Data Collection Methods, Quality Assurance Data, and Site Considerationsfor Total Dissolved Gas Monitoring, Lower Columbia River, Oregon and Washington, 2000.

Federal Geographic Data Committee (FGDC) Metadata:


Identification_Information:
Citation:
Citation_Information:
Originator: Dwight Q. Tanner and Matthew W. Johnson
Publication_Date: 2001
Title: Data Collection Methods, Quality Assurance Data, and Site Considerationsfor Total Dissolved Gas Monitoring, Lower Columbia River, Oregon and Washington, 2000.
Edition:
Geospatial_Data_Presentation_Form: database
Series_Information:
Series_Name:
Issue_Identification:
Publication_Information:
Publication_Place: Portland, Oregon
Publisher: U.S. Geological Survey
Other_Citation_Details:
Online_Linkage:
Description:
Abstract:
Excessive total dissolved gas pressure can cause gas-bubble trauma in fish downstream from dams on the Columbia River. In cooperation with the U.S. Army Corps of Engineers, the U.S. Geological Survey collected data on total dissolved gas pressure, barometric pressure, water temperature, and probe depth at eight stations on the lower Columbia River from the John Day forebay (river mile 215.6) to Camas (river mile 121.7) in water year 2000 (October 1, 1999, to September 30, 2000). These data are in the databases of the U.S. Geological Survey and the U.S. Army Corps of Engineers. Methods of data collection, review, and processing, and quality-assurance data are presented in this report. The purpose of TDG monitoring is to provide USACE with (1) real-time data for managing streamflows and TDG levels upstream and downstream from its project dams in the lower Columbia River and (2) reviewed and corrected TDG data to evaluate conditions in relation to water-quality criteria and to develop a TDG data base model for modeling the effect of various management scenarios of stream flow and spill on TDG levels. Instrumentation at each fixed station consisted of a TDG probe, an electronic barometer, a data-collection platform (DCP), and a power supply. The TDG probe was manufactured by Hydrolab Corporation. The probe had individual sensors for TDG, temperature, and probe depth (unvented sensor). The TDG sensor consisted of a cylindrical framework wound with a length of Silastic (dimethyl silicon) tubing. The tubing was tied off at one end and the other end was connected to a pressure transducer. After the TDG pressure in the river equilibrated with the gas pressure inside the tubing (about 15 to 20 minutes), the pressure transducer produced a measure of the TDG presure in the River. The water-temperature sensor was a thermocouple. The barometer was contained in the display unit of the Model TBO-L, a total dissolved gas meter manufactured by Common Sensing, Inc. More information abou the TDG probe is provided by Tanner, D. Q. And Johnston and M.W. 2001. The fixed station monitors were calibrated every 2 weeks from March 10 to September 15, 2000, and every three weeks for the remainder of the year, at which time Warrendale and Bonneville forebay were the only sites in operation. The general procedure was to check the operation of the TDG probe in the field without disturbing it, replace the field probe with one that had just been calibrated in the laboratory, and then check the operation of the newly deployed field probe. The details of the laboratory calibration procedure are outlined in Tanner and Johnston, 2001. Information for this metadata was obtained from the Technical Reports of the Oregon District available at http://oregon.usgs.gov/pubs_dir/online_list.html .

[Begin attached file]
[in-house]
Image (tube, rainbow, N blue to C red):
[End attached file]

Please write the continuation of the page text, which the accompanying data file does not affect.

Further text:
Purpose:
Not Available
Supplemental_Information:
REFERENCE: Tanner, D.Q., and Johnson, M.W., 2001, Data-collection methods, quality assurance data and site considerations for total dissolved gas monitoring, Lower Columbia River, Oregon and Washington, 2000 U.S. Geological Survey, Water-Resources Investigations Report 01-4005 Portland, Oregon, U.S. Geological Survey http://oregon.usgs.gov/pubs_dir/Pdf/01-4005.pdf
Time_Period_of_Content:
Time_Period_Information:
Range_of_Dates/Times:
Beginning_Date: 20000301
Ending_Date: 20000915
Currentness_Reference:Unknown
Status:
Progress: Complete
Maintenance_and_Update_Frequency: As needed
Spatial_Domain:
Description_of_Geographic_Extent:
Bounding_Coordinates:
West_Bounding_Coordinate: -124.0
East_Bounding_Coordinate: -120.0
North_Bounding_Coordinate: 46.5
South_Bounding_Coordinate: 44.75
Keywords:
Theme:
Theme_Keyword_Thesaurus: GCMD SCIENCE PARAMETERS
Theme_Keyword_Thesaurus: ANCILLARY KEYWORDS
Theme_Keyword_Thesaurus: ISO TOPIC CATEGORY
Theme_Keyword_Thesaurus: DATA SET LANGUAGE
Theme_Keyword: EARTH SCIENCE > TERRESTRIAL HYDROSPHERE > WATER QUALITY/WATER CHEMISTRY > DISSOLVED GASES > DISSOLVED OXYGEN
Theme_Keyword: EARTH SCIENCE > TERRESTRIAL HYDROSPHERE > WATER QUALITY/WATER CHEMISTRY > WATER TEMPERATURE
Theme_Keyword: EARTH SCIENCE > OCEANS > OCEAN PRESSURE > WATER PRESSURE
Theme_Keyword: EARTH SCIENCE > BIOSPHERE > AQUATIC ECOSYSTEMS > RIVERS/STREAM HABITAT > LOWER COLUMBIA RIVER, OREGON
Theme_Keyword: Data Collection Methods
Theme_Keyword: Quality Assurance Data
Theme_Keyword: Site Considerations
Theme_Keyword: Total Dissolved Gas Monitoring
Theme_Keyword: Lower Columbia River
Theme_Keyword: Oregon
Theme_Keyword: Washington
Theme_Keyword: Camas
Theme_Keyword: Skamania
Theme_Keyword: Warrendale
Theme_Keyword: Bonneville
Theme_Keyword: Dalles Tailwater
Theme_Keyword: Dalles Forebay
Theme_Keyword: John Day Tailwater
Theme_Keyword: John Day Forebay
Theme_Keyword: Biological Data Profile
Theme_Keyword: Bdp
Theme_Keyword: BIOTA
Theme_Keyword: ENVIRONMENT
Theme_Keyword: GEOSCIENTIFIC INFORMATION
Theme_Keyword: INLAND WATERS
Theme_Keyword: OCEANS
Theme_Keyword: ENGLISH
Place:
Place_Keyword_Thesaurus: GCMD
Place_Keyword: CONTINENT > NORTH AMERICA > UNITED STATES OF AMERICA > OREGON
Access_Constraints: None
Use_Constraints:
None
Point_of_Contact:
Contact_Information:
Contact_Person_Primary:
Contact_Person: DWIGHT Q. TANNER
Contact_Position: TECHNICAL CONTACT
Contact_Address:
Address_Type: Mailing and Physical Address
Address: 10615 SE Cherry Blossom Drive
City: Portland
State_or_Province: Oregon
Postal_Code: 97216
Country: USA
Contact_Voice_Telephone: (503) 251-3289
Contact_Electronic_Mail_Address: dqtanner@usgs.gov
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Data_Quality_Information: